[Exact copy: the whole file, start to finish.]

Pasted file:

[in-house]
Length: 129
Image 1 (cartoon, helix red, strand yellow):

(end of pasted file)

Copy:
[in-house]
Length: 129
Image 1 (cartoon, helix red, strand yellow):